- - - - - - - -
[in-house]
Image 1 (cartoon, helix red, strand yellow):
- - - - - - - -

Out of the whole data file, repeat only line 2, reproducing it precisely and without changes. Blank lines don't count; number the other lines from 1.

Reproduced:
Image 1 (cartoon, helix red, strand yellow):